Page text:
HOUSTON, July 18 (Reuters) - West Texas Intermediate crude at Magellan East Houston this week traded at the weakest level in almost a year as new pipelines from the Permian Basin to the U.S. Gulf Coast hub have begun operations, traders said.
Line filling of pipelines owned by EPIC Crude Pipeline LLC and Plains All American Partners LP has eased an inland crude oil bottleneck, pushing Houston prices lower and prompting pipelines to cut transportation rates, traders and analysts said.
"Houston prices should weaken with more supply and limited new storage at refineries," a trader said.
WTI at Magellan East Houston WTC-MEH, also called MEH, on Tuesday sank to a $4 per barrel premium to U.S. crude futures , the weakest since last August, trade sources said. It peaked at $11.25 per barrel in February.
Earlier this month, Enterprise Products Partners LP and Enbridge Inc's Seaway pipeline lowered tariffs for light crude shipments from the main U.S. storage hub in Cushing, Oklahoma to the U.S. Gulf Coast, according to regulatory filings.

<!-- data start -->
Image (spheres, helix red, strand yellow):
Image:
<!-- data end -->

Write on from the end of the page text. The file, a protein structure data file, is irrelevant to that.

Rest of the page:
Seaway's lower rates encourage more flows to the coast, narrowing differentials between the two.
The MarketLink pipeline owned by TC Energy Corp, formerly known as TransCanada, also lowered rates for volumes from Cushing to Houston and Port Arthur, Texas.
More Permian crude could being arriving in Houston by year-end. Pipeline operator Kinder Morgan Inc on Wednesday said it will go ahead with a South Texas pipeline connection that would transport 100,000 barrels per day of crude from Phillips 66's Gray Oak pipeline to delivery points at the Houston Ship Channel, by end-2019.
Kinder Morgan and Phillips 66 began soliciting shipper commitments for the connection last February. The 900,000 bpd Gray Oak is expected to begin initial service in the fourth quarter.
"As EPIC and (Plains All American's) Cactus II enter full in-service and the market gears up for Gray Oak's entry to the ring later this year, East Daley continues to forecast further tightening for the spread between WTI and Houston," analysts at East Daley Capital wrote in a recent note to clients. (Reporting by Collin Eaton in Houston Editing by Matthew Lewis)